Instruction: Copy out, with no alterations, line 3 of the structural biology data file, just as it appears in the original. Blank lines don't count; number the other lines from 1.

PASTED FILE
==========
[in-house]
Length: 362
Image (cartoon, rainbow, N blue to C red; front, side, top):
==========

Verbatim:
Image (cartoon, rainbow, N blue to C red; front, side, top):